Registered problem solvers

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The clock ticked in the waiting room. The clients sat quietly. Most were scrolling through mobile phones. Some just sat and stared blankly into the middle distance.

Tick, tick, tick, went the clock.

Ms Jackson had a blocked drain. Mr Ahmed wanted to know the best investment plan to help him support his children if they decided to go to university. Ms Peters had recently moved to the city and was finding it hard to break into the tight-knit friendship groups she encountered.

The sign on the consulting room door read, “K. Solomon: Registered Problem Solver.” It creaked open. A young woman appeared. She turned back to talk to someone inside, “Thank you, Dr. Solomon,” she said before turning and striding confidently across and out of the waiting room.

Then, a kindly face appeared. Dr Solomon wore an open neck shirt and a broad smile. “Mr Ahmed?” he asked.

There is no such thing as a registered problem solver. The closest to it is probably the Citizen’s Advice Bureau charity. However, if you visited a Citizen’s Advice Bureau, they would be unlikely to be able to help you with your blocked drain unless it was part of some legal or consumer dispute.

There are plenty of experts who we can consult. There are family doctors, solicitors, accountants and so on. However, each of these has a carefully delineated field of expertise, with the professional associations that provide accreditation for each of these occupations taking a great interest in defining this field and ensuring practitioners have the required knowledge.

However, if problem solving were a general skill as the Australian Curriculum suggests, we should expect to see experts in this skill offering their services to the public. Those with superior general problem solving skills would presumably be able to make a good living by offering a problem solving service. We do not see this.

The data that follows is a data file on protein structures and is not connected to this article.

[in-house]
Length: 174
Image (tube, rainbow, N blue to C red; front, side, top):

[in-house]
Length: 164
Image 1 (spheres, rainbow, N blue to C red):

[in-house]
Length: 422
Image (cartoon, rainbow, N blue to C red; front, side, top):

For a general skill of problem solving to exist, it would need to be something different to the accumulation of specific knowledge. Presumably, a skilled problem solver would not need to begin with any specific knowledge about a given situation because they could gain all the knowledge they need from secondary sources such as books, interviews and the ubiquitous internet. In fact, the rise of the all-knowing internet from the mid 1990s onwards should perhaps have corresponded to an explosion in people offering generic problem solving services.

Why has this not happened?

Because this logic is built upon a misunderstanding of the role of knowledge in the human mind. Knowledge does not sit in a set of filing cabinets, waiting to be consulted when a skill is activated. A better picture of long term memory is a tool shed. Knowledge is what you think with. We can only process about four items in our working memory at the same time, but one of these items can be an entire connected web of ideas held in long term memory known as a ‘schema’.

You cannot think with knowledge that is stored in secondary sources and, in fact, as you try to make use of knowledge from secondary sources, you will encounter working memory limits.

This is why registered problem solvers do not exist and why those who solve problems in specific fields need to acquire a large body of knowledge in order to be able to do so.

 

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7 thoughts on “Registered problem solvers

  1. As always an excellent and thought-provoking post and your blog posts continue to be a reading highlight for me. Thank you very much for that. With regards to the specifics, I take your points as you present them and generally agree. That said, I would have only drawn the same conclusions from the premises as you present them and while your conclusions flow on logically from this statement “For a general skill of problem-solving to exist, it would need to be something different to the accumulation of specific knowledge.” , I’d question this statement and therefore what flows from that.